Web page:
“Unfortunately, when it comes to melatonin and pregnancy, there’s currently not enough research to confirm that taking melatonin while pregnant or breastfeeding is safe,” says Breus.
Because melatonin levels naturally rise throughout pregnancy, one potential risk of supplementing is giving your body too much melatonin. Melatonin is thought to help determine an unborn baby’s circadian rhythm, and an imbalance could potentially impact a child’s sleeping patterns after birth.
4. Does melatonin affect birth control?
There’s also not much research on how melatonin supplements and oral contraceptives interact, and existing studies have yielded inconsistent results.
“It’s best to be cautious,” says Breus. “If you’re using oral contraceptives and are interested in trying melatonin, check with your doctor first. He or she might recommend trying other sleep-promoting methods to start.”
5. Does melatonin interact with alcohol?
Research has long established alcohol’s penchant for interfering with many medications and supplements. However, there’s not much research into its effects on melatonin. Most experts agree that you should avoid drinking alcohol while taking melatonin, as the potential risks and side effects aren’t fully understood.
Other must-know facts about melatonin safety
If you’ve assessed those essential precautions and are still considering melatonin, use these facts to navigate safe dosing, timing, and more.
Melatonin doesn’t work like a sleeping pill
Melatonin is a hormone your body produces that’s triggered by darkness. When receptors in our retinas detect a lack of light, a signal is sent to activate the pineal gland, a pea-shaped gland in the brain, and melatonin is released into the body. This brings on physiological changes like decreased body temperature and respiration rate, as well as drowsiness.
This is an important distinction: Melatonin doesn’t knock you out like a sleeping pill. Rather, it causes physiological changes that put your body in a quieter state, which promotes sleep.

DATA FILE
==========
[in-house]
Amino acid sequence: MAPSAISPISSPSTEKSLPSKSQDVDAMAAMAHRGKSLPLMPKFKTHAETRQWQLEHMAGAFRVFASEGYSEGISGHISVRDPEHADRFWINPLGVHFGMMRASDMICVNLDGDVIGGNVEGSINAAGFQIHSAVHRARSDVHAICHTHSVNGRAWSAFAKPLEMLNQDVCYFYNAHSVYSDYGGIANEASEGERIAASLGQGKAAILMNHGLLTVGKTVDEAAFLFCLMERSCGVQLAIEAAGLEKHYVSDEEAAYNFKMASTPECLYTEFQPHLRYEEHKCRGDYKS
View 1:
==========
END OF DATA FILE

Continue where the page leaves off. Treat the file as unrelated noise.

You shouldn’t take melatonin during the day
If you’re considering melatonin to help you sleep, you don’t want to take it during the day. “It will basically tell your brain that it’s bedtime, and you’ll feel it,” says Breus.
When should you take melatonin? About a half-hour to an hour before bed. Breus advises choosing a timed-release supplement so your melatonin level won’t peak and then drop off too soon. By doing so, you can align your supplement with your body’s natural melatonin secretion, which increases soon after it gets dark out, peaks between 2 a.m. and 4 a.m., and then gradually falls during the second half of the night.
With melatonin, less is more
How much melatonin should you take? Though there’s no official recommended dosage for adults, a range of about .05 mg to 5 mg has been shown to be safe and effective. “Your melatonin dosage depends on why you’re taking it,” says Breus. “For most people, I recommend 0.3 mg to 5 mg, at least to start, and see how your body responds.”
Starting at a lower dose can help prevent melatonin side effects, which may include mild headaches, dizziness, nausea, and drowsiness. (Other less common side effects may include mild anxiety, stomach cramps, disorientation, and short-term depression, Breus notes.)
How much melatonin is too much? Although you might find melatonin supplements in doses up to 10 mg, this is much more than your body needs, according to experts.
You may also want to talk to your doctor about magnesium supplement. “Magnesium is important because it helps regulate the body’s melatonin production, with lower levels of magnesium usually linked to lower melatonin levels,” Breus says.